These stories and poems by bisexual+ youth were collected by Bisexual Women of Color (BIWOC), a Bisexual Health Awareness Month campaign partner. BIWOC is an organization whose mission is to provide emotional support, resources, community, and a safe space to discuss intersectional issues that affect bi women of color. They welcome all with multi-gender attractions, including but not limited to: bisexual, biromantic, pansexual, queer, fluid, and questioning.
Sometimes I think it would have been easier for my mother to understand if I had been “only” a lesbian. It would have likely taken her even longer to understand and come to terms with, but maybe she wouldn’t keep holding onto some kind of fragment of hope that I’d be straight for so long. That if I just meet the right guy I’ll forget all this talk, that if she just holds on for long enough I’ll marry a nice straight man and that this will all be settled.
To her credit, my mother once said nearly as much to me over some (several glasses of) wine. She asked me if she was a bad person for hoping I’d marry a man eventually. My mother and I have had a great relationship most of my life, so how could I possibly tell someone who has supported me since I was born that they were a bad person? So I told her she wasn’t, but I tried to impress upon her that she would need to come to terms with the fact that that day might not ever come. And that even if it did, it wouldn’t change my bisexuality.
I’ve tried to give her time. Some days we go forward, and some days we go back. One day she consciously makes sure to reference my possible future “partner” when idly discussing marriage or dating or kids, and a week later she purses her lips when I talk about a nice girl I met on a dating site. She says she’s not ready for PFLAG, and to be honest, I’m not sure I mind too much, because I have no idea what the parents in the local chapter would tell her about bisexuality, considering what many of the people in our community at large themselves have to say about bi, pan, poly, and otherwise identifying people.
A couple months ago I had my first yearly checkup with my new doctor, since I’ve finally, begrudgingly, aged out of my pediatrician’s office. My doctor asked me, while approaching a conversation about my sexual health, if I had a boyfriend. I’m wasn’t, and still currently am not, in a relationship of any kind. I said “no” before I could really let myself think about saying, “Actually, I’m bisexual, but no, I’m not dating anyone.” My doctor is very sweet and likely would take this new knowledge perfectly well, and yet I didn’t. Perhaps less out of reluctance, and more out of the time I needed to contemplate if I had the energy to delve into the subject and consequently deal with any possible negative reactions, confusion, or microaggressions. And it’s sobering to think about how I even have to consider all that before answering. In terms of my actual physical and sexual health, though, it wouldn’t have changed anything because, for that matter, I’ve never had sex. In fact, I’ve never dated anyone.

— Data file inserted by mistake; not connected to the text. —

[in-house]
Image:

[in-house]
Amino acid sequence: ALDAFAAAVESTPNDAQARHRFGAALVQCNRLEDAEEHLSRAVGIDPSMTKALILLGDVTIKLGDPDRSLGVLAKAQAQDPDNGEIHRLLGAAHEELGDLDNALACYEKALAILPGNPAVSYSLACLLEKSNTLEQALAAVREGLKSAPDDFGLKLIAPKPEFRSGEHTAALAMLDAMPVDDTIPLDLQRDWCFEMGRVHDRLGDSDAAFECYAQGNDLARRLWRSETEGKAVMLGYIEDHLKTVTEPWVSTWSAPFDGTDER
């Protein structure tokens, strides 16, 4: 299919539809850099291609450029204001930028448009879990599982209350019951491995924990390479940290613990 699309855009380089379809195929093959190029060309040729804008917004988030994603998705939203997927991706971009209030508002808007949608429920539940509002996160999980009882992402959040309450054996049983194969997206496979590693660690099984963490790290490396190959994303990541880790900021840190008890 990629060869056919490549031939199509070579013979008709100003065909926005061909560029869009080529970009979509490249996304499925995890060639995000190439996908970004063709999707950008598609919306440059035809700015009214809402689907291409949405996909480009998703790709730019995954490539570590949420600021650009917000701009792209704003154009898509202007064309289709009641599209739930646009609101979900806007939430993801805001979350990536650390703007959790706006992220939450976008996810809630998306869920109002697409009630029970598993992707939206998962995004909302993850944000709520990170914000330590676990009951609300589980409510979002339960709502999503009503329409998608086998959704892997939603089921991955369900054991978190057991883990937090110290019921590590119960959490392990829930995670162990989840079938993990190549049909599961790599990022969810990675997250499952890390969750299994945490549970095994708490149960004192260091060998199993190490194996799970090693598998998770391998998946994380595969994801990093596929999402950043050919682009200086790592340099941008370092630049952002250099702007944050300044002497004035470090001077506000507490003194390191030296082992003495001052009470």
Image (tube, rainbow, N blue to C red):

That’s not for lack of trying, of course. I don’t mind being the one to ask someone out, but at this moment in time, nothing has panned out for me in that department. I’ve always viewed that as a succinct refutation of the arguments that anyone needs to date, have sex, nurture crushes, or take part in any kind of “qualifying” act to know confidently what their orientation is. If you don’t know, then that’s awesome, too! But don’t let anyone tell you it’s just because you haven’t done x, y, or z. Some people, mostly online entities, have proclaimed that such a status simply means I can’t possibly know how I identify yet. They echo the former (white, straight, cis male) friend who demanded to know if I could imagine kissing, marrying, and having sex with a woman the first time I ever mentioned thinking I could be bisexual, and then accused me of doing it as a fad when I admitted I couldn’t necessarily imagine all that. I couldn’t imagine having sex with or marrying anyone right then, though. Those sentiments even echoed my own some days.
But I am bisexual. My bisexuality is now a distinct and acknowledged – no, a celebrated – part of me. And I know myself. I know myself just fine, especially considering that I’ve had plenty of time to myself, with myself (and no one else) to figure that out.